Customer Happiness Check-In

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 plant key:

genovese basil parsley sweet basil stevia stevia lettuce
genovese basil thyme sweet basil stevia stevia kale

 YIPPEE! I’m seeing growth in all but one of the stevia.  Maybe it is a late bloomer.  Curiously, I have the same feeling for the stevia being a late bloomer as I had when one of my kids took a long time to figure out how to walk.  Too good at rolling to bother :-).

Schematic for the Grow Chamber Sensor Puck 

I haven’t spent time working on the Grow Chamber sensor puck so I’ll put some time into it now.  But first…

Thanks To Those That Went Before

The Kicad Team – The KiCad EDA has come a long way.  KiCad has enabled so many of us to get into designing and building our own PCBs.  The team that does this work is amazing.  THANK YOU.

Contextual Electronics – Thanks to Chris Gammell’s Contextual Electronics, I have the confidence and ability to design and build PCBs.  Since I knew nothing about electronics before Contextual Electronics – after all, it is not something a woman in my age group would be encouraged to do – it is hard to describe the feeling of happiness I have in being able to design my own circuits.  THANK YOU.

ams and Silicon Labs – Both ams (manufacturer of the CCS811) and Silicon Labs (manufacturer of the Si7006) provided schematics which made it far easier for me to layout a schematic.  THANK YOU.

Open Source

The Kicad schematic I discuss below is located at this GitHub location.

The Schematic

The sensor puck will monitor CO2, temperature, and humidity.  To do this, I will use two chips:

Both use a VDD of between 1.8V and 3.6V.

The first thing I am doing is upgrading Kicad.  It has been awhile since I have used Kicad.  The current Mac version I am running is 4.0.3.  The version on the OS X downloads page is currently 4.0.5.  There is both a main package and an extras.  I just downloaded the main package for now.

I’m going to start a schematic that is only one page.  I do not see the need to have a hierarchical structure.  To lay out the CCS811, I’ll use the schematic in the CCS811 ams Eval Kit Manual (I copied the PDF to this GitHub location).

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Hmmm…one thing I didn’t see on this schematic were 10K pull-up resistors on the SDA and SCL lines.  I’ll add these.

I’ll use the schematic in the Si7006 data sheet for the layout of the Si7006 chip.

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Creating a schematic is a great way to get a deeper knowledge of the chip.  I am grateful for the schematics provided in the data sheets.  They are a great jumping off point!

Stuff I’m doing on the schematic:

  • I copied the ADDR circuit which pulls this pin to GND using a 4K7 resistor.  From the pin assignment documented in the data sheet (I copied the data sheet to this GitHub location), when the ADDR is low, the I2C address is 0X5A.   When I write the firmware, I’ll use 0X5A as the I2C address.
  • I’ll wire the AUX, PWM, and SENSE in the same way these pins are wired in the above schematic.  I don’t think I will be using the optional chip ambient temperature sensing.  However, it is of little cost to add the two resistors so why not?
    • One of the resistors is an NTC thermistor.  Which one to use?  I am happy to see the eval kit’s BoM:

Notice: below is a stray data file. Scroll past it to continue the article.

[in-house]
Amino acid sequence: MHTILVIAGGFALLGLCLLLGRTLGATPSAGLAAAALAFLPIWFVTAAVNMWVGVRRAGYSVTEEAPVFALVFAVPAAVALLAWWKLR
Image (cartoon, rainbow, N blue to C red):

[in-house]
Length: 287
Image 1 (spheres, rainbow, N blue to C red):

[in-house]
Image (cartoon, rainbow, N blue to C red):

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Drat the NTC Thermistor is in a 0402-N package…tiny for my soldering abilities…sigh…well…the footprint of the CCS811 doesn’t seem any better so for at least now, I’ll use the NTC Thermistor listed in the BoM and assume reflow will be able to handle the 0402 size since I’m not convinced my hand soldering is up to the task.

The CCS811 notes several application notes.  Sadly, I couldn’t find a way to access them so I sent a not to ams support (emailing cs-americas@ams.com):

Hello ,

I have purchased CCS811 chips from digikey.  The data sheet notes the following application notes:NewImage
 
The links provided lead to 404 (page not found).  I tried to find them on the ams site but could not.
 
Could you please provide me links to these app notes (and any others available for the CCS811?
 
Thank you and kind regards,
Margaret.

I’m seeing an increased risk of using the CCS811.  The chips themselves have a lead time (Digikey has about a 3 month lead time), and I can’t get access to documentation ams says is available.  I need to keep an eye on that!

  • Layout the components in eeSchema
  • Get the components in line with requirements to use the BoM generator I created awhile back.  From this blog post, two properties are used by the python program that will generate the BoM from eeSchema info:
    • Component Value
    • Part Number (labeled as PN).  The PN can be one of three things:
      • manufacturer’s part number.
      • Digikey part number
      • a “jellybean” part number.  Looking at the block diagram in the blog post, Jellybean parts exist in the JellyBeanPartNumbers.csv file.  I generate this CSV file from a google spreadsheet.  I have shared the one I’ve been using here.

I added the digikey PN to the CCS811 component:

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I populated the Value and PN fields for each component in eeSchema.

The current Schematic the only thing missing is a connector:

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And…well, I truly enjoyed my time spent in eeSchema.  That’s it for today!

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